North West Wales

Man died in Bangor park of hypothermia, inquest told

Ambulance at Ysbyty Gwynedd in Bangor during the cold snap
Image caption The emergency department at Ysbyty Gwynedd had been busy with fractures due to snow and ice

A former Irish policeman died of hypothermia after being found in a park in Gwynedd during the cold snap before Christmas, an inquest has heard.

Patrick John Cleary, 48, had battled alcoholism and prescription drugs but neither were found in concentrations which could have caused his death.

He was found in a park in Bangor after a "freezing cold" night, which had seen fresh snowfall.

The coroner recorded a verdict of accidental death.

A statement from Mr Cleary's wife said that they had met in Ireland where he was being treated for prescription and alcohol abuse.

They returned to Wales and the former member of the Gardai had got better and got a job at a bail hostel near Bangor.

Psychiatric unit

His old problems had come back however, first with prescription tablets and then alcohol.

After a row at home he had threatened to return to Ireland but ended up staying in a bed-and-breakfast in Caernarfon a few days before his death.

He had also been seen at a psychiatric unit at Ysbyty Gwynedd in Bangor on the day before he died.

Because he appeared drunk, and because the unit did not cater to self referral he was told to get in touch with his GP or the local mental health team, the inquest heard.

Mr Cleary said he had been in a B&B and didn't know what to do, said David Hardwick, the deputy ward manager.

After being given advice on how to access help, Mr Hardwick said Mr Cleary had "walked off" to A&E.

Hectic workload

"He looked like an inebriated person, there did not seem to be mental health problems, and it was unclear why he had come in," he added.

In the A&E department the waiting times were long because of the high number of people admitted with fractures after falls on snow and ice.

Charge nurse Stephen Gallacher saw Mr Cleary, who was known to him because he had been to the A&E department 26 times previously.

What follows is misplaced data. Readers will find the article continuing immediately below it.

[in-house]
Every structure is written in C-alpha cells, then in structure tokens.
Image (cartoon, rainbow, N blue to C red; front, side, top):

Mr Gallacher said he told Mr Cleary he had "limited options to help him", but suggested he come back in the evening to see an out-of-hours GP.

Because of the hectic workload he had not realised Mr Cleary had not come back later, he added.

However, when he was on shift again the following morning, 22 December, he was there when Mr Cleary was brought in by paramedics, and it was Mr Gallacher who identified him.

Police sergeant Jennifer Williams said she and a colleague from Bangor station rushed to the gardens next to the bus station in the city on that morning.

"It was freezing cold, snowing for over a week, and there was fresh snow overnight," she said.

"I remember there was no snow on top of him," she added.

"The paramedics tried very hard for some time to revive him," she said.

The coroner said after Mr Cleary's death, his officer viewed hours of cctv images from Bangor in a bid to find any trace of him in the hours before his death, but nothing was found.

'So cold'

Pathologist Dr Mark Lord said there was not enough alcohol and demazepan in Mr Cleary's body to cause his death.

"It was a very, very cold night, and there was no covering of snow on him which would suggest he had been somewhere else before he moved to where he was found," he said.

Anthony O'Brien read a statement on behalf of the family who had travelled to the hearing from County Limerick in the Republic of Ireland.

He said words could not express how hard Mr Cleary's death had been.

He said he was loved "unconditionally" by the family and loved them unconditionally in return.

When he was young Mr Cleary had been interested in sports, and had studied theology before joining the Gardai, he said.

He married his first wife in 1989 and was "blissfully happy" but that was not to last after he developed alcoholism.

"He battled hard" to over come his problems, but failed and he separated from his wife.

Mr Cleary also lost a brother in 1998 and "he was never the same after that... but still struggled with rehabilitation".

Mr O'Brien said Mr Cleary had his "longest time sober" after he moved to Wales and had made many friends in the country he "felt at home in".

Not failed him

The family thanked the doctors and nurses who had tried to help him.

"He never stopped fighting his demons, but unfortunately was not successful", he added.

Mr O'Brien ended by saying, in Gaelic, Rest In Peace.

The coroner Dewi Pritchard Jones said that despite Mr Cleary going to hospital on the day before he died, the system had not failed him.

Mr Pritchard Jones said the advice he had been given had been correct.

It might be that the state, not the hospital, could do better with cases of alcohol and drug problems, but it was not a coroner's place to comment on that, he said.

He added that the fact paramedics had fought to save him made him certain he had died shortly before he was found.

"Had he been there for a period of time they would not have bothered to try to resuscitate him or sent him to A&E," he said.

"My impression is he had been somewhere else during the night and had collapsed in the morning but the fact he was so cold suggests he had been outside overnight," he added.

There was also no indication had intended to take his own life.

More on this story